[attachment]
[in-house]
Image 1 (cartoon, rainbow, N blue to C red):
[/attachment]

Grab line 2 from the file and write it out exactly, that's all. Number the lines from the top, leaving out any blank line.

Image 1 (cartoon, rainbow, N blue to C red):